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    Check For Buy In

    Check for buy in when selling

    After you have presented your product and proved a sales message, it's time you check for buy-in.


    What it simply means is you check whether prospects are ready to move to the next selling step.


    You check on:

    • How does the prospect feel?
    • Is he or she ready to move to the next stage?


    And finding the answer to those questions is what this article is all about. By the end of the item you can:

    • a) List verbal and non-verbal clues to receptivity
    • b) State how to use questions appropriately
    • c) Use verbal reinforcement to strengthen positive attitudes
    • d) Use trial closes when a positive response is indicated



    Checking For Buy-In

    Checking for buy-in requires you to pay attention to the prospects - their body language and responses. As equally important, you need to pay attention to your own body language, your use of questions, and verbal encouragement.


    Checking for buy in


    In summary, you're able to:

    • 1) Assess verbal and nonverbal clues
    • 2) Probe for more info
    • 3) Move prospects towards commitment



    1. Assessing verbal and non-verbal clues

    You can observe the impact of your presentation through your prospects' body language and how they respond. Most of the time, many sales representatives rely too much on what is being said.


    Read verbal and non-verbal clues


    But you already know by now that there are more than meet the eyes.


    You know that the message is delivered/spoken, and what is not verbalized often communicates more. It's essential to pay attention to these clues because the appropriate response from you will determine your call consequences.


    1.i Verbal clues

    Statements, questions, tonality, speed of speech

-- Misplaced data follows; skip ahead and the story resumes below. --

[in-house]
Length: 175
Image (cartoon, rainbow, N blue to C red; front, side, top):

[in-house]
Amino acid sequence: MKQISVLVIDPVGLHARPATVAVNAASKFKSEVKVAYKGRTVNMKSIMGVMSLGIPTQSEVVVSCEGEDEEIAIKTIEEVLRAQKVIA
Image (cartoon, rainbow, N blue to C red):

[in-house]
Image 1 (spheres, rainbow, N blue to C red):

1.ii Non-verbal clues

    Facial expression, postures, gestures



    2. Probe for information

    It is easy to ask questions. The tricky part is asking questions to steer the conversation to find out about a subject without being too straight forward.


    Probing for information


    Generally, there are two types of questions:

    • Open-ended
    • Close-ended


    2.i. Open-ended questions

    They are often called 'exploring' question. 
    They open to a wide range of answers. 
    They could be a "how", "why", "what", "when", "where".


    2.ii. Close-ended questions 

    They narrow down the answers.
    They could be a "Yes" or "No" answer. 
    These are targeting questions, use to confirm assumptions or guide prospects to specific points.



    3. Move towards commitment

    Once you get the signs of how receptive your prospects to your presentation, the moment has come to be more direct and move them towards commitment.


    Move towards commitment


    You can employ two skills here:

    1) Use verbal reinforcement to strengthen receptive attitudes
    2) To go ahead and ask how committed they are, indirectly, through trial close


    3.i. Verbal Reinforcement

    You can make a move to bring prospects closer to the commitment by responding to their comments. This is verbal reinforcement.


    The idea is to support and strengthen positive attitudes towards the products and encourage acceptance. Once a positive comment is reinforced, you can increase prospect enthusiasm by presenting essential benefits. It's more like working 'with' the prospect to build receptivity and commitment.


    3.ii. Trial close

    Trial close can be used to test the water. It can indicate the level of interest of the prospect:


    Are they ready to commit?


    Usually, a trial close is as simple as asking for an opinion.


    For example:

    "How do you feel about Prod X so far Mr. Prospect?"
    "Does that answer your question about total cost involve?"

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